Mouseless – an invisible computer mouse
Pranav Mistry, Liyan Chang, and Pattie Maes, from the Fluid Interfaces Group at the MIT Media Lab, were interested in removing the requirement for a physical mouse, while still allowing computer users to interact with their computers in a way with which they are familiar with. They developed an “invisible mouse” and named it Mouseless. If the names of the researchers sound familiar, it is because we already wrote several articles about their projects as SixthSense or Siftables.
Since the computer mouse didn’t suffer any extreme changes over the last couple of decades, and there are various multitouch and gestural interaction technologies available today, it is expected that new information interaction technologies will emerge in near future. The folks from Fluid Interfaces Group were thinking of an easy way for transition where users wouldn’t have to be trained to use the new information interaction technology and came up with Mouseless.
The Mouseless invention removes the requirement of having a physical mouse altogether but still provides the intuitive interaction of a physical mouse that most of us are familiar with. Mouseless consists of an Infrared (IR) laser beam (with line cap) and an Infrared camera. Both IR laser and IR camera are embedded in the computer. The laser beam module is modified with a line cap and placed in a way so it creates a plane of IR laser just above the surface the computer sits on. The user cups their hand, as if a physical mouse was present underneath, and the laser beam lights up the hand which is in contact with the surface. The IR camera detects those bright IR blobs by using computer vision.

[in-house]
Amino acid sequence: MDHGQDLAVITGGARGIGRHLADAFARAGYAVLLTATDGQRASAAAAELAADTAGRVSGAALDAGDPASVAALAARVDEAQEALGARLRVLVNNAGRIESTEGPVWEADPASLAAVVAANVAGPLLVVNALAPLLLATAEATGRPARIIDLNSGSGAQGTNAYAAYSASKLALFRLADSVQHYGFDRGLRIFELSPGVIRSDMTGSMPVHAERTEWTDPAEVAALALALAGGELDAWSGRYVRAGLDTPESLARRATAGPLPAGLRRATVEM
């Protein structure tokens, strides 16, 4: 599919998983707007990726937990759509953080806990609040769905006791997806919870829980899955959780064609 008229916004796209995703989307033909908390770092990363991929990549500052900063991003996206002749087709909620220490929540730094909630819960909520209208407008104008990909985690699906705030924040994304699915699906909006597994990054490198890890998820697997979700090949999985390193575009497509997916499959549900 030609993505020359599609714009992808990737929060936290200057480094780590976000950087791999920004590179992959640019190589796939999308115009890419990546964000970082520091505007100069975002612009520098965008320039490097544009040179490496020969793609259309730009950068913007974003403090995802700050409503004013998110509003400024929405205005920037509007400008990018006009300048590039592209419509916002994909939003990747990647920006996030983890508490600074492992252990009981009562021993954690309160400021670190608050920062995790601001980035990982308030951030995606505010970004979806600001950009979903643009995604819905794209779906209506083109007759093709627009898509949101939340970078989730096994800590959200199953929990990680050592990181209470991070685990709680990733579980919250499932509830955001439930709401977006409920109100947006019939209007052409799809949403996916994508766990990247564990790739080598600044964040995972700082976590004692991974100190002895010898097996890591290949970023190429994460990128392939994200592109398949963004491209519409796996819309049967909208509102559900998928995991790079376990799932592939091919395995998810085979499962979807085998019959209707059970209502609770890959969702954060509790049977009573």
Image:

The change in the position and arrangements of these blobs are interpreted as mouse cursor movement and mouse clicks. As the user moves their hand the cursor on screen moves accordingly. When the user taps their index finger, the size of the blob changes and the camera recognizes the intended mouse click.
As they improve their computer vision algorithms, an extensive library of gestures could be implemented in addition to mouse movement and mouse clicks. Typical multitouch gestures, such as zooming in and out, as well as novel gestures, such as balling one’s fist are all possible. The researchers claim that the use of multiple laser beams would allow the recognition of a wider range of free hand motions, enabling novel gestures that the hardware mouse cannot support.
There are no plans for commercializing the “invisible mouse” but the prototype Mouseless was built for around $20 USD. Although it is not expensive to realize, it offers advanced gestural usage, and its usage is intuitive to all who have used an ordinary computer mouse, there are still some issues that need to be solved. Aside the development of the algorithms for better gesture recognition, there is a question regarding the long-term use, as well as the fact that you would have to be fixed to the spot where the IR rig is set in order to use this technology.